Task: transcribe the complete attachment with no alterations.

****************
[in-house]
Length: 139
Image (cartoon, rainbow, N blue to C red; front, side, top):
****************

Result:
[in-house]
Length: 139
Image (cartoon, rainbow, N blue to C red; front, side, top):